• Posted How we trained our dog to Psych 1001 Section 010 and 011 Fall 2011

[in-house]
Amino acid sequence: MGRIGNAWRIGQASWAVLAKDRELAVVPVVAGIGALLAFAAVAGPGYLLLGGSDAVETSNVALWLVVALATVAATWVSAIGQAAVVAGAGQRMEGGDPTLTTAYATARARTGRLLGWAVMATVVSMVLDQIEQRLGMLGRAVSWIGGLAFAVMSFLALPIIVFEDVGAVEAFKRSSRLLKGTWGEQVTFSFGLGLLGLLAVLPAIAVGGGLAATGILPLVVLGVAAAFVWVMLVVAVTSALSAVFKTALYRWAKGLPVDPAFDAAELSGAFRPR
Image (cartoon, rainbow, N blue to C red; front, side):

This is our dog, Ari. She is a four month old Labrador retriever. Thanks to B.F. Skinner, my husband and I were able to teach her to do some tricks such as sit, lie down, shake, drop, and stay. This is how we trained her. Step 1. Get her favorite food and the clicker ready Step 2 Say some command words Step 3 Click the clicker if she performs any similar behavior of the target behavior and give her food Step 4 Repeat step 2 and 3. Keep reinforcing behaviors We trained her by using shaping (also called shaping by successive approximations). Shaping was introduced by B.F Skinner, who was an American psychologist and one of the famous behaviorists. It is known that his work was influenced by Pavlov and Watson but do you know how he first knew about them? The first time B.F Skinner encountered with Behavioral Science was after he graduated from Hamilton College. Actually he wanted to become a writer so he moved back home, Susquehanna, New York. He wrote little and worked as a bookstore clerk. While working at the bookstore he found the books written by Pavlov and Watson. He was impressed by them and wanted to learn more. So he enrolled in the Psychology Department of Harvard University at the age of 24 and studied more about it. Later on, he introduced the term shaping. Shaping is a procedure that you reinforce behaviors although the behaviors are not target behaviors yet. By doing so, you can guide them to perform the target behavior. In other words, animals don't know why they get treats at first but as they get encouraged more times they eventually shape the target behavior. We plan to teach Air to pick up her toys and put them in her toy box eventually by using chaining with shaping. Chaining is a technique to teach animals to perform longer series of tricks. For example, we will teach our dog to pick up a toy first. Later on we will reinforce her by giving her food, when she picks up a toy and goes to her toy box. Eventually we will teach her to pick up a toy and drop it in her toy box. We have a long way to go but it will be fun. If she learns to clean up her toys, I'll post the video of her! Wish me luck!...